What will be remembered of 2023?


Español Français
December 2023

What will be remembered of 2023?

Thanks to the fact that we’ve digitised all our issues going back almost a century, I often find myself browsing through writings from the time when my father, grandfather or great-grandfather were in charge of this publication. Switching my gaze from the past to the future, I wonder what watchmaking history will remember of 2023.


hich standout events will be included in the two or three lines devoted to this specific watchmaking year, 100 years from now? In retro-futuristic exercises like this, I tend to focus on the major underlying trends, even if they are underpinned by concrete events.

The first would probably be Rolex’s reaffirmed leadership of the entire industry. Every industry needs a locomotive, and there’s no doubt which name is stencilled on the side of this particular engine. This applies both upstream (manufacturing) and downstream (communication and distribution). And it’s not just a matter of sales figures and profits – it’s about its leading position in the industry as a whole.

Whether in terms of distribution, with the purchase of Bucherer, of event management, with its presidency of Watches and Wonders, or manufacturing, with the emergence of movement maker Kenissi – wherever you look in the watch industry, Rolex has placed itself in a position of strategic importance. And a strategic position is also a position of responsibility within the ecosystem.

Another observation, as the watchmaking year draws to a close, is that, after a period of euphoria, clouds are gathering over the auction sector. Transparency has proved lacking, and the scent of hubris is in the air – no surprise where runaway success meets eye-watering sums of money. As the tide begins to turn in the secondary market, we probably haven’t heard the last of the crises and scandals.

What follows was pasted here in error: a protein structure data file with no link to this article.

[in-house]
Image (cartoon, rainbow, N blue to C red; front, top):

It all began when revelations surfaced around a 1957 Speedmaster sold by Phillips and bought by Omega for a record sum (over 3 million francs), which subsequently turned out to be a “Frankenwatch”. Investigations are ongoing. Another cataclysm hit the hushed world of high-end watch sales: this year’s Only Watch charity auction organised by Christie’s (which set the record for the most expensive watch in history, when the Patek Philippe Grandmaster Chime in steel went under the hammer for 31 million francs) was cancelled after questions were asked over the organisation’s financial management. The jury is still out. And finally, the year ended with the horological treasures belonging to a collector being sold off in a confusing last-minute rush. That’s quite enough for one year.

But there’s one important thing to remember. Behind all these incidents lies the power of social networks, which are very good at ganging up on people and entities that have hitherto been happy to remain in the shadows, and hauling them out into the light. This could also be described as an underlying trend, one that is not without its own risks and excesses, albeit of a different nature!

The Europa Star Newsletter